They’ll Never Figure It Out On Their Own(nership)

, , , | Right | November 18, 2020

I work at a grocery store chain based in North Carolina. Not many people know that my chain is actually owned by a popular grocery store chain based in Ohio. As such, in any given area, you will either find my store chain or the parent store chain, but not both.

When calling our store, there are plenty of people who don’t listen to the automated message options.

Sometimes people will get through to the wrong company, and most people are fine when I explain that they called the wrong department and I have to transfer them.

Me: “[Store], Express Lane, this is [My Name]. Can I have your last name, please?”

Customer: “Is this [Parent Company]?”

Me: “No, this is [My Store].”

Customer: “It is? Then what’s the number for [Parent Company] in [Town]?”

Me: “There isn’t a [Parent Company] here.”

Customer: “Yes, there is! I know there is! I shop there all the time.”

Me: “No, there isn’t. There may have been a [Parent Company] in the area a long time ago, but there isn’t one now. However, they own [My Store], so we carry most of the same products.”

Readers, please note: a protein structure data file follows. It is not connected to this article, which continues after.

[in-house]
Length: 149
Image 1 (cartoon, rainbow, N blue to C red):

Customer: “[Parent Company] owns [My Store]?”

Me: “Yes.”

Customer: “Where’s the closest [Parent Company]? I only shop there.”

Me: “Uh… I know there’s one in [Town almost two hours away]. If you hold, I can transfer you to customer service. They might know better.”

Customer: “You are customer service.”

Me: “No, this is Express Lane. People call me when they’ve placed an online grocery order and have a question.”

Customer: “This isn’t [Parent Company]?”

Me: “No. You’ve called [My Store].”

Customer: “Is there a [Parent Company] in [Town forty-five minutes away]?”

Me: “I doubt it. [Parent Company] usually doesn’t want their stores so close to our stores.”  

Customer: “But I want [Parent Company]. I Googled [Parent Company] in [Town] and came up with this number.”

Me: “That’s because they own us.”

Customer: “Well, you are just no help.” *Click*

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